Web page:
⭕️DEADLIFTS: WHEN GOING HEAVIER MIGHT ACTUALLY BE SAFER
I see far too many newbies wanting to start deadlifting, yet, since they obviously aren’t familiar with the exercise – they obviously end up loding the barbell with small plates.
The problem with this is that with this set up the barbell sits lower than it should (when compared to standard deadlifts), so asides from not setting up in the most advantageous way, you’re actually increasing the chances of injury.
Smaller plates = lower barbell, and if you’re not flexible enough, that also means rounding your spine to grip onto it. So you’re now starting the exercise with a rounded spine, which isn’t really the most optimal way of starting the deadlift. Ever.
This is one of the major reasons why newbies don’t like deadlifting: they approach the exercise with the wrong set up, and since they end up hurting themselves with small weights, they can only imagine what would happen with heavier ones…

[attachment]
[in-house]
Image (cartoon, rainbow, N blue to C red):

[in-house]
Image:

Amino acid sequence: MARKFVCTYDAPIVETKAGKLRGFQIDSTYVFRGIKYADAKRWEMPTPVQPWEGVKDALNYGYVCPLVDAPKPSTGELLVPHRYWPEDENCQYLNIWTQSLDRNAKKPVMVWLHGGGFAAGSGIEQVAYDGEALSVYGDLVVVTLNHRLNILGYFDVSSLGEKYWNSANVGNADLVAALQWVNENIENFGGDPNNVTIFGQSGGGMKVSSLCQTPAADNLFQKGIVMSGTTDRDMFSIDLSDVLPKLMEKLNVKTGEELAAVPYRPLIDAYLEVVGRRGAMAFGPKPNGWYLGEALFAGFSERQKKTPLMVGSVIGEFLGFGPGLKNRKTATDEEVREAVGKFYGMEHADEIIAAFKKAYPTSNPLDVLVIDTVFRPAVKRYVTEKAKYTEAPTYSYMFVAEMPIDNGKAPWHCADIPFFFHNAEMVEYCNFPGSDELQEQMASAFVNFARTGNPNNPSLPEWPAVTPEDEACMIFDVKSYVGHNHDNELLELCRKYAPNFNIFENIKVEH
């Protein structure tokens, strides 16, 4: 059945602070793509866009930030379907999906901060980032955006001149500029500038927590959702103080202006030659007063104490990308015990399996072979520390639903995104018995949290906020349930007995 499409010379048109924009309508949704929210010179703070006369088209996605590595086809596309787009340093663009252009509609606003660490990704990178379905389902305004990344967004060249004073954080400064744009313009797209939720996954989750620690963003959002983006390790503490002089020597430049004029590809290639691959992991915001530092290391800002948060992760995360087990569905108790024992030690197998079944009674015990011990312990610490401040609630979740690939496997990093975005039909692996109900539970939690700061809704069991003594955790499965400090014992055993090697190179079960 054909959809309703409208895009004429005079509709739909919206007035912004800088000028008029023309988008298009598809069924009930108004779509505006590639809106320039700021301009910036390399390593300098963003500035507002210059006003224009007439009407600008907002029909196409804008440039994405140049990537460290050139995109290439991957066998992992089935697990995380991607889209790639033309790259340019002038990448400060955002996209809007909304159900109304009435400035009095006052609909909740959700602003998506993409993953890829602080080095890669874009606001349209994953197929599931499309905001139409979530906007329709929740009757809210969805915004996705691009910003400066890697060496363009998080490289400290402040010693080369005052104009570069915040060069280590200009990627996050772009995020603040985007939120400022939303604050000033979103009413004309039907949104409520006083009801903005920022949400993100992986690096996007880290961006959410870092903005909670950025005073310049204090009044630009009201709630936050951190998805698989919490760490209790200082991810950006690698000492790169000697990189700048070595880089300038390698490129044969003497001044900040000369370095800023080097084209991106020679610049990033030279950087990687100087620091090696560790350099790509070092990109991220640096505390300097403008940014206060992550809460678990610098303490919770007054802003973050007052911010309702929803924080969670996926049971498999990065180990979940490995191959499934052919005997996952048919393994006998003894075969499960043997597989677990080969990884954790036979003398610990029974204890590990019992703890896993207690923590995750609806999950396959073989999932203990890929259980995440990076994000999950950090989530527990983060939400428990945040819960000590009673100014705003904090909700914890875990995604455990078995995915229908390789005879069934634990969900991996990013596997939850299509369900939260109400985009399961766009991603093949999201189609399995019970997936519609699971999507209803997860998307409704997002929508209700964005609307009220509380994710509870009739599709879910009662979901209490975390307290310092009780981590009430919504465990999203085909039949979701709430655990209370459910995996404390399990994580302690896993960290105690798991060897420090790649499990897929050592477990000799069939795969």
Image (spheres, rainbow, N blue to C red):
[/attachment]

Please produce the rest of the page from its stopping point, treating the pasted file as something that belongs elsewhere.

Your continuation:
Would that be the case?
It actually wouldn’t. Bigger plates = higher barbell, which means you’ll set up more easily, being able to maintain a neutral spine. Now THIS is how you want and should start a deadlift. Always.
Yeah, I get it, I get it.. many newbies can’t really start learning the exercise with 135 lbs (60kg) on the bar. That might be heavy to start with and I can’t really expect people to do so at their first try.
However, the concept still applies, and you should atleast try mimicking the required conditions:
- ✅If you can’t pull 60kg, then try these solutions until you reach them: –
Put two steppers or whatever you can put under the plates to mimick the height of 45lbs plates.
- ✅If you’re lucky and your gym has some, use bumper plates: They all have a standard diameter regardless of their weight, so you’re good to go using them! –
Try not to use 10-20lbs (5-10kg) plates to set the barbell’s height. That’ll really do more harm to your deadlift than good, ESPECIALLY if you’re a newbie.